Salty Pies – Pizzas

Vegan spanish tortilla -vegan omelette with potatoes and caramelized onions - Βέγκαν ομελέτα με πατάτες και καραμελωμένα κρεμμύδια - Βέγκαν ισπανική τορτίγια - Vegan in Athens

Vegan omelet with potatoes and caramelized onions– gluten-free, oil-free

When I was a kid, my second favorite food was the traditional omelet with potatoes my grandmother used to make as my top favorite food was the all-kid-favorite fried potatoes! So, since I managed to substitute fried potatoes with the equally tasty, oil-free, baked “fried” potatoes, I thought of making a delicious and healthy vegan, oil-free and gluten-free omelet. The recipe not only is absolutely tasty and cheap but also it’s really easy! All it takes is a good non-stick, medium-sized, frying pan!

Vegan spanish tortilla -vegan omelette with potatoes and caramelized onions - Βέγκαν ομελέτα με πατάτες και καραμελωμένα κρεμμύδια - Βέγκαν ισπανική τορτίγια - Vegan in Athens

In this recipe I try to approach the texture and taste of the omelet with potatoes -the traditional Cretan sfougato- my grandmother used to make, but without the animal ingredients and the huge amounts of fried oil. After several “trials and errors” I think this vegan omelet is one of the most delicious and hearty that I have made. A key role in its deliciousness is played by the combination of chickpea flour and corn flour, which balances the strong taste of chickpea flour and gives a more delectable color and texture. But my main secret is the addition of the caramelized onions. This unusual addition, inspired by the Spanish “tortilla”, helps keep enough moisture in the omelet and gives it a slightly sweet and appetizing taste that makes it unbeatable!

Ingredients

For the omelet

  • 1/2 cup chickpea flour
  • 1/2 cup corn flour or corn meal
  • 3/4 cups water
  • 1 tbsp lemon juice or apple-cider vinegar
  • 1 tsp salt
  • 1/2 tsp pepper
  • 1 tsp baking powder

For the caramelized onions

  • 5 medium, dried onions, sliced
  • 2-3 cloves of garlic, finely chopped
  • salt and freshly ground pepper

additionally

  • 2 medium white potatoes cooked and peeled

Vegan spanish tortilla -vegan omelette with potatoes and caramelized onions - Βέγκαν ομελέτα με πατάτες και καραμελωμένα κρεμμύδια - Βέγκαν ισπανική τορτίγια - Vegan in Athens

Method

1. Prepare the vegan omelet mix: Mix all the ingredients for the omelet with a fork or a mixer, making sure there are no lumps left. Cover and let sit for an hour.
2. For the caramelized onions: In the meantime put the sliced onions, garlic, salt and pepper in a non-stick frying pan, cover and cook in medium to low heat for about 20-25 minutes, stirring often, until the onions are softened.
3. Cut the potatoes into crescents 1/2 -1 cm thick.
4. Preheat a non-stick frying pan over medium to high heat. Pour the caramelized onions and potatoes in a bowl together with the omelet mixture and mix with a wooden spoon. Transfer the mixture into the pan and spread all the ingredients evenly. Lower the heat, cover the pan and cook in low heat for 20 minutes. Lightly weave with a fork to make sure the one side is golden brown and if it’s ready with a dish turn it upside down. Cook the other side for 5 more minutes and serve warm with fresh tomatoes, olives and bread!

Vegan spanish tortilla -vegan omelette with potatoes and caramelized onions - Βέγκαν ομελέτα με πατάτες και καραμελωμένα κρεμμύδια - Βέγκαν ισπανική τορτίγια - Vegan in Athens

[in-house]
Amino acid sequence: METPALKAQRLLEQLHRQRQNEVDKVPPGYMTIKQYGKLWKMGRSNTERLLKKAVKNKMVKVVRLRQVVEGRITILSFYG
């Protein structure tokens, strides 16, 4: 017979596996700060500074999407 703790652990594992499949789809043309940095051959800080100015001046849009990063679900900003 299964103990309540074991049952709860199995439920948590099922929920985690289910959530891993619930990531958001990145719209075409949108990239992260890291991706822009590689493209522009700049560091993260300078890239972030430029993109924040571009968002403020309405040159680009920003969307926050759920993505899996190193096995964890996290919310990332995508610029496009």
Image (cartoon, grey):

Note: I usually like to prepare all the ingredients for the omelet in advance, for example the night before, so when I come back home from work the only thing I have to do is mix them and cook!

Vegan spanish tortilla -vegan omelette with potatoes and caramelized onions - Βέγκαν ομελέτα με πατάτες και καραμελωμένα κρεμμύδια - Βέγκαν ισπανική τορτίγια - Vegan in Athens

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Easy spinach pie with a homemade crust - Εύκολη, αφράτη σπανακόπιτα με σπιτικό φύλλο - Vegan in Athens

Vegan spanakopita (spinach-pie) with a crispy, homemade crust

Often I think of food as an anchor that holds my memories at the port of consciousness, protected from the ocean of oblivion, as there are several times that a specific food reminds me of moments and stories from the past. So strong is the connection of food and memory to me, that foods or ingredients associated with an unpleasant moment are not welcome in my kitchen and I do not eat them until a very tempting recipe or a chance to see them under a new, brighter angle – such as a cozy table with people I love or a journey – give me the incentive to retry them. These correlations between emotions – sensations – food is the reason why, when I share a recipe with you, I start by sharing a remembrance, a short story, filed concurrently with the specific food or dessert in my mnemonic library.

Although I could keep writing about memory and oblivion for the next few paragraphs, for the moment I will just share a memory concerning my relation to spinach-pie or spanakopita, a well-known traditional Greek food that everyone seems to like, during my childhood. Well as a child, my first reaction in front of a freshly baked, hot spinach-pie was to pinch my face, so much that several small creases were formed on my nose and around my eyes, to grit my teeth, to turn my head on the other side and with clear and loud voice to say “yuck” to anyone – usually an uncle or a grandma – who seemed to have a hard time comprehending my reaction. What if spanakopita today is one of my favorite dishes – especially this one I could eat it every day, for lunch and dinner for the next month; or that spinach was what made Popeye so strong. No matter how hungry I may was, I would not change my mind. I would never eat it simply because spanakopita was in the list of “yuck” foods. If this is not a reason not to eat spinach-pie one then what is?

Easy spinach pie with a homemade crust - Εύκολη, αφράτη σπανακόπιτα με σπιτικό φύλλο - Vegan in Athens